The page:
Badgers; the cull or the research

3 June 2015

Posted by: Bella Williams

Category: Animal welfare & alternatives

Badgers; the cull or the research

When we ask people what comes to mind when they think of animal research we hear a range of answers. People often remember emotive images of smoking beagles, invasive surgery on monkeys, and rabbits used in cosmetic testing in the past. Some people correctly surmise that the vast majority of animal research is laboratory-based research carried out on rodents, but animal research overseen and licensed under the Animals (Scientific Procedures) Act (ASPA) comes in many varieties, some of which don’t immediately spring to mind.

Badgers have received a lot of attention recently. Many animal rights welfare groups have focussed their attention on the controversial badger cull, levelled at preventing the spread of bovine TB.

Badger in field

Bovine TB is enormously damaging to cattle, and spreads rapidly through herds causing sickness and death in the livestock. It has proved impossible to eradicate, and incidence of the disease is increasing. Cattle cannot be vaccinated against bovine TB, as there is no test available to distinguish between a vaccinated cow and one carrying the disease. This would mean that milk and meat from vaccinated cows could not be sold. There is clear evidence that badgers act as a wild reservoir species for the disease. It is thought that around 15% of badgers carry bovine TB (DEFRA – 2014 FOI), and that contact with badgers allows the disease to spread to cattle in otherwise healthy herds.

The spread of bovine TB needs to be controlled, not only for the benefit of farmers and taxpayers, but also for the protection of wildlife, as badgers are not the only species susceptible to the disease. The rationale for culling badgers to control the spread is based on several studies carried out in Ireland where culling badgers reduced incidence of bovine TB in the immediate area.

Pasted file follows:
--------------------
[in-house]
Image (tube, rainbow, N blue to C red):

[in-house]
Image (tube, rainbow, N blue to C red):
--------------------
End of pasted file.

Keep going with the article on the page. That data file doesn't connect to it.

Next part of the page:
But this is not a straightforward issue. Many consider the current cull to be cruel (when badgers are shot at a distance they can take many hours to die), damaging to wildlife and ineffective in terms of controlling bovine TB. There is good evidence to support this view. A randomised controlled trial (RCT) carried out under the Labour government between 1997 and 2007 at a cost of 11,000 badgers and £50 million did not indicate that culling badgers was successful in controlling the spread of bovine TB. In fact it seemed that disturbing the badgers caused them to move around more, leaving their setts to escape harm, and bringing infected badgers into contact with both healthy badgers and cattle.

As 85% of badgers do not carry bovine TB, the cull undoubtedly leads to the deaths of many healthy badgers and the independent scientific group reporting on the results of the trial concluded “Badger culling is unlikely to contribute usefully to the control of cattle TB in Britain and we recommend that TB control efforts focus on measures other than badger culling.”

One alternative to a cull would be the use of a vaccine, and an approved variant of the BCG vaccine was developed for use in badgers in 2010. Using this vaccine means training individuals to trap and inject badgers, and it has been shown to reduce the number of badgers testing positive for TB. There are now several major governmental schemes to vaccinate badgers both in TB affected areas, and in areas where there is thought to be little incidence of the disease.